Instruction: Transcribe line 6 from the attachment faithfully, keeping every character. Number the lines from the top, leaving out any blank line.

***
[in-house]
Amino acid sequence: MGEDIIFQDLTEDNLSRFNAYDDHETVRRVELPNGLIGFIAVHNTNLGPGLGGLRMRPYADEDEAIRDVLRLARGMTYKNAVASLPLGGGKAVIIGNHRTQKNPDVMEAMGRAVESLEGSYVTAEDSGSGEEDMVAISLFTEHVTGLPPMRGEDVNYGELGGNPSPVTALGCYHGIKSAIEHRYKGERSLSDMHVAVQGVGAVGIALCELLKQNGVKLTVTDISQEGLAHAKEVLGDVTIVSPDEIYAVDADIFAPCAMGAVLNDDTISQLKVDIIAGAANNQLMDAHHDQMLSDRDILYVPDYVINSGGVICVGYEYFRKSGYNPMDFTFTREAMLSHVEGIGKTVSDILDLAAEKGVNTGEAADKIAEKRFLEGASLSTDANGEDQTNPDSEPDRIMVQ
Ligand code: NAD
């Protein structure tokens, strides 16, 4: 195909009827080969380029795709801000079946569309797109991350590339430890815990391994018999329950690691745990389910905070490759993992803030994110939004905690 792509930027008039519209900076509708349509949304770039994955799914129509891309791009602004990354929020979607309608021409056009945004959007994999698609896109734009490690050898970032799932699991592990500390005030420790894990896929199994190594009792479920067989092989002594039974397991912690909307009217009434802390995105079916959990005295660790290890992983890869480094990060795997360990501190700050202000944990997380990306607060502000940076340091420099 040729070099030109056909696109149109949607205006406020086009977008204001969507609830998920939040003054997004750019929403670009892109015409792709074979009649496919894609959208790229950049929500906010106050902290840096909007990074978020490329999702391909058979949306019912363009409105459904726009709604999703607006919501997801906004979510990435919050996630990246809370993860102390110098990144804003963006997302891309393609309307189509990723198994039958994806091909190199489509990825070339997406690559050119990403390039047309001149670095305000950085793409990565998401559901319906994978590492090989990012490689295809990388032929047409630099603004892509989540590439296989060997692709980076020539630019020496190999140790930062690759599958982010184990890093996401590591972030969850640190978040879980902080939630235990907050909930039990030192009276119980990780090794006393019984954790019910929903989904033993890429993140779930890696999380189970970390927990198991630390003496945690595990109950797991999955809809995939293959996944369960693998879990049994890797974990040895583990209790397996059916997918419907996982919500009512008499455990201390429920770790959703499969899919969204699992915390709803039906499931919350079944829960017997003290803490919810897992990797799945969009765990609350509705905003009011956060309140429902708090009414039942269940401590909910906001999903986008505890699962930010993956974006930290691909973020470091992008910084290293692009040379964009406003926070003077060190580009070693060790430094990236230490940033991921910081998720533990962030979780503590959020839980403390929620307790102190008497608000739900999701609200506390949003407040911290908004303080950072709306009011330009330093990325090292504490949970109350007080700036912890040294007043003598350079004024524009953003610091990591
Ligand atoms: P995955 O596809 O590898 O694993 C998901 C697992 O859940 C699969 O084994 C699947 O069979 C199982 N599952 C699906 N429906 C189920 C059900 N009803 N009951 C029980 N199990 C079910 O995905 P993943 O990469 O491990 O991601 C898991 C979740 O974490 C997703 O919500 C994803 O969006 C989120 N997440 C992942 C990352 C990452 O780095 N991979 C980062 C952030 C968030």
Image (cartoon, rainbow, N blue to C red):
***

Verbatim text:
Image (cartoon, rainbow, N blue to C red):